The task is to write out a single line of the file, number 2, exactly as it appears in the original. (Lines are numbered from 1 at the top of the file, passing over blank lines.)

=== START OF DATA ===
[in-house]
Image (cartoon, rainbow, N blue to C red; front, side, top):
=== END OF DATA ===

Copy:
Image (cartoon, rainbow, N blue to C red; front, side, top):